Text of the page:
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Ravichandran Vs. State by Dy. Superin. Of Police, Madras [2010] INSC 234 (25 March 2010)

Judgment

IN THE SUPREME COURT OF INDIA CRIMINAL APPELLATE JURISDICTION CRIMINAL APPEAL NOS. 909-910 OF 2003 RAVICHANDRAN ...APPELLANT VERSUS WITH
CRIMINAL APPEAL NOS. 805-806 OF 2003 CRIMINAL APPEAL NOS. 807-808 OF 2003 CRIMINAL APPEAL NOS. 911-912 OF 2003 CRIMINAL APPEAL NOS. 1515-1516 OF 2003 AND CRIMINAL APPEAL NOS. 1527-1528 OF 2003 ORDER

1.     All these appeals involve similar and connected facts. Since, the legal issues that arise for our consideration are also similar, we proceed to dispose of all these appeals by this common judgment and order.

2.     Before we delve into the facts of the case, it would be appropriate for us to deal with the miscellaneous applications that have been filed in this Court and also the statement of the learned counsel for the appellant in Criminal Appeal Nos. 805-806 of 2003.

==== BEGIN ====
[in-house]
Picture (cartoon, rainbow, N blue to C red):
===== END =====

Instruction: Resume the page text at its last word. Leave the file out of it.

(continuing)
3.     Criminal Miscellaneous Petition Nos. 6391 to 6394 of 2010 in Criminal Appeal Nos. 1515-1516 of 2003 and Criminal Miscellaneous Petition Nos. 6396-6399 of 2010 in Criminal Appeal Nos. 1527-1528 of 2003 are applications filed by the legal representatives of the accused No. 1 namely, Kumaraguru seeking for substitution of their names in place of the deceased appellant- accused No. 1. During the pendency of the appeals in this Court, appellant-accused No. 1 died on 9th April, 2007. The present applications have therefore been filed by his legal representatives seeking for substitution of their names in place of the deceased appellant accused No. 1. In support of the aforesaid prayer, the legal representatives of the deceased appellant-accused No. 1 have relied upon the provisions of Section 394 of the Criminal Procedure Code, 1973. For the reasons stated in the said applications, the applications are allowed. The names of the applicants who are the legal representatives of the deceased-appellant accused No. 1 are, 3 thus, allowed to be brought on record. The said applications stand disposed of in terms of the aforesaid order.